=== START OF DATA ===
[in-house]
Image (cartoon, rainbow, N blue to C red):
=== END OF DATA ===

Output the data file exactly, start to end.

[in-house]
Image (cartoon, rainbow, N blue to C red):